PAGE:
Mozilla recently released Firefox Quantum and it’s fast. Really fast.
Also called Firefox 57, Firefox Quantum is the final form of Mozilla’s overhaul project of the Firefox browser. It includes Quantum CSS rendering engine to covert HTML and CSS to pixels onscreen, which means it will be faster than ever before. In fact, it has double the speed compared to the version from nearly half a year ago, thanks to the multi-core CSS engine combined with the elimination of bugs and tab prioritization. Bugs have been known to weigh the browser down.
The company launched the new version in an attempt to reestablish its market share, after several years of decline. It’s their biggest update since the launch of Firefox 1.0 in 2004.
A flatter fox. One of the new elements in Firefox Quantum is the logo. It’s livelier, more colorful, and modern, like the new version of the browser itself. But as you should know, Mozilla has made various logo updates over the years, and these updates show subtle changes rather than dramatic overhauls.
The new logo is almost the same with a fox wrapped around a globe, but it’s flatter and more dynamic. It seems this new logo is marrying beautifully with the similarly flatter, more dynamic version of Firefox.
King of speed. The new Firefox browser uses a series of algorithms to make it faster than the previous versions. It boasts a new CSS layout engine. The CSS engine is called Stylo, which can cater to the hardware demands of today.
The engine is also written in the programming language Rust, which is the brainchild of Mozilla’s research group. The result is a substantial increase in speed. Other changes include active tab prioritization a switchover from legacy add-ons to those built using the WebAssembly API.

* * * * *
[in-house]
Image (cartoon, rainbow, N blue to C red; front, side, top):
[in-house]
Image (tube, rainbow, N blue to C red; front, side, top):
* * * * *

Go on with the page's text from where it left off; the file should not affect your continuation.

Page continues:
And yes, the results are noticeable.
In fact, it’s twice as fast as the previous version according to Speedometer 2.0, which measures the performance of a browser across top web apps. That’s a notable change—because in PCWorld’s test of the best browser of 2017, Firefox came in last.
But whether or not it’s really snappy than the old Firefox versions depends on the sites you’re visiting. It does seem faster in some quick testing, though. That puts it in league with Chrome or Opera. Mozilla even says the browser is faster than Chrome when surfing certain websites.
Square and glassy smooth. The browser also sports a new user interface; it’s Mozilla’s first major redesign since Firefox 4 in 2011.
The new user interface and design language of Firefox Quantum puts Chrome’s brand of minimalism to shame. In fact, Chrome looks dated.
Mozilla calls this Photon, a UI initiative with a goal is to unify and modernize anything that the company calls Firefox, while taking advantage of the speedy new engine. The firm dug deep into what people expect from their browsers. Now Quantum looks like a modern browser, with its glassy animations and square tabs. The settings are right where they should be as well. Firefox 57 also combines the address and search bars to reduce the clutter at the top of the window.